Many of the legislators who voted two years ago to slash education funding by $5.4 billion – or more than $500 per student – continue to claim state government is poverty-stricken and refuse to take steps to restore the funding. The only thing poverty-stricken about the legislative majority, however, is its lack of political will to fully support local public schools and the children educated in them.

These legislators need some political backbone, folks, and the most effective way for them to attain that quality is with frequent reminders from their constituents that the cost of a strong public education system – and, with it, a strong economic future for our children – is a larger investment in under-funded public schools NOW.

In his school finance ruling last week, State District Judge John Dietz of Austin said state funding of public education clearly was inadequate and unfair. He had no firm dollar figures but suggested it may take at least an additional $2,000 per student to meet all state standards. Right now, Texas is spending about $8,900 per child, following the budget cuts. That puts Texas 45th among the states and the District of Columbia. Dietz’s suggested increase would carry an additional cost of $10 billion to $11 billion a year, and it would still leave Texas a few hundred dollars short per child of the national average.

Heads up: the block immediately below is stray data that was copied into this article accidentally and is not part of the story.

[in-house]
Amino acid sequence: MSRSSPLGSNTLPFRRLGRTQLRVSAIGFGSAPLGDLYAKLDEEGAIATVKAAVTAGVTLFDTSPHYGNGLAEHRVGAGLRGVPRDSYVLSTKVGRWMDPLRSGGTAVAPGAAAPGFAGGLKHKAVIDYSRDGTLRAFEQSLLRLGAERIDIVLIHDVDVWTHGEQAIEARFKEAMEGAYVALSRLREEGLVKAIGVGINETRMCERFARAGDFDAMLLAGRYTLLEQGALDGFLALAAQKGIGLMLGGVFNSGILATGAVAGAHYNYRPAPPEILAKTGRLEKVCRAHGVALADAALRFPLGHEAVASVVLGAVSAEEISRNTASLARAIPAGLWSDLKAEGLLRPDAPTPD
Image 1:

That price tag is the main reason the state leadership will appeal Dietz’s ruling to the Texas Supreme Court, a process that will take at least a year. In the meantime, though, it is time for the legislative majority to restore the $5.4 billion cut two years ago. With an $8.8 billion surplus and $11.8 billion in the Rainy Day Fund – more than $20 billion — lawmakers have enough money to address the education issue, as well as funding for Medicaid and other important needs.

But their constituents – beginning with educators and parents – need to keep demanding that their legislators do the right thing.

If you can, attend the Save Texas Schools march and rally at the Capitol on Feb. 23. Check this link for details.

Also, contact your legislators and make sure they know in no uncertain terms that you expect them to restore the cuts and that you will be watching. If you don’t know who your state representative or state senator is, click on this link and type in your address to find out who they are and how to contact them.

Then contact them – early and often. The future of your local public school depends on it.